Why ERM Often Fails to Add Value to Decision-Making

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You are working hard to help your organization build an effective enterprise risk management program. You’ve spoken with all the business units, identified their significant “risks” and assessed them, come up with numerous risk registers, developed detailed risk reports for executives, and so on.

Yet, people still don’t seem to see the value.

Why?

Why does it feel like people dread the semi-annual or annual risk conversation?

Why are the risk registers not incorporated into their daily work?

Why do the executives not engage when you present the risk reports to them?

The answer: you have become so focused on the past and the present that the future becomes forgotten.

Are you surprised by that answer?

When you talk to the business, you are asking about the challenges that they are currently facing. What are the risks associated with their processes? What are the weaknesses in what they do day in and day out?

But have you asked them about their future plans? Have you asked about the organization’s strategy and how they plan to support that strategy? Do they have the resources to take action to achieve the goals that management has set forth?

In order to get management, executive leadership and the board engaged and excited about enterprise risk management, you have to think about the future. Otherwise, you are simply focusing on the past and documenting what they already know.

There is no harm in thinking about the past – in fact, there is a common saying, “hindsight is 20/20,” but what does that mean? Reflecting on the past, taking those lessons learned, and applying them toward the future can be incredibly valuable.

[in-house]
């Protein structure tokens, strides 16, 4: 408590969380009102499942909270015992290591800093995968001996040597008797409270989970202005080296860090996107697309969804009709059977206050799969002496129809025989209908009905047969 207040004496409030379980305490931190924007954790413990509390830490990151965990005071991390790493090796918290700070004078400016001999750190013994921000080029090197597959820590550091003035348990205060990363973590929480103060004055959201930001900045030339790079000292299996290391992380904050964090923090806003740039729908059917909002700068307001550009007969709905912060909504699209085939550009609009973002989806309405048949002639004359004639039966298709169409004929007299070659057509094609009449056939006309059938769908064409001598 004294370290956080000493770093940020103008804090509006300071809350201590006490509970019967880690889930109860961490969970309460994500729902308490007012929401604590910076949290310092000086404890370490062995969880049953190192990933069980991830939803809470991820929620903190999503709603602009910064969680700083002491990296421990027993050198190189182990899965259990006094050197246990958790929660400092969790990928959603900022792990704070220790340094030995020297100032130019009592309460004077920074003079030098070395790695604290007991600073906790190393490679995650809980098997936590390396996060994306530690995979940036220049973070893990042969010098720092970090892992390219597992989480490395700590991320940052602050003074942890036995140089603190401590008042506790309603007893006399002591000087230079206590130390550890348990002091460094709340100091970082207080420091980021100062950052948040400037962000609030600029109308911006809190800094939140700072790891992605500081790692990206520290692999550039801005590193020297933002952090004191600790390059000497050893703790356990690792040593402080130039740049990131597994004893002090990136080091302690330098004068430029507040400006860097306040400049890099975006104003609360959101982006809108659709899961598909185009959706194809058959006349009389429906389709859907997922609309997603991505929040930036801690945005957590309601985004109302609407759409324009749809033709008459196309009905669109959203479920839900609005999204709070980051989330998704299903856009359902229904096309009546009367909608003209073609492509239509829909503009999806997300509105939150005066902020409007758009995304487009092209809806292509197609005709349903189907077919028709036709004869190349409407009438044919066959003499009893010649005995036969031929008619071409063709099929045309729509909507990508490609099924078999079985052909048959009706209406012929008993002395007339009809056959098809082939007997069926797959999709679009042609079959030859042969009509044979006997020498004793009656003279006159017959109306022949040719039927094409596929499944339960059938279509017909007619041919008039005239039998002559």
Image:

When it comes to the present day of the operations of the organization, you can add valuable insights to what is currently going on.

However, the real gem of ERM is found in thinking of the future and providing foresight into the potential of what could go right, what could go wrong, and what is most likely to happen.

That is where scenario analysis comes in. Good scenario analysis means working with management to understand their train of thought:

  • Why did they decide on a specific goal?
  • How do they think that they will achieve that goal?
  • What could be standing in their way?
  • Are they willing to accept risk in order to achieve that goal? If so, what is acceptable?

Having good scenario analysis means that decision making is truly risk-informed.

And that, is the true goal of ERM!

The next question for you is how do you go from focusing on the past and the present to helping management get the foresight for good decision making?

Here are a few easy steps. At least they sound easy but harder to do in practice.

  1. Put aside the risk register.
  2. Stop focusing on operational processes and instead focus on plans for the organization.
  3. Harness the relationships you have throughout the organization for valuable insights into what the future entails.

Are you ready to move from the past and present and focus on valuable insights and foresight for your organization?

I am interested in hearing your thoughts on this topic. Feel free to leave a comment below or join the conversation on LinkedIn.

If you want some tailored guidance on how to get your organization focused on the value-add of the present and future, contact me to discuss your specific situation.

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Featured image courtesy of rawpixel.com via Pexels.

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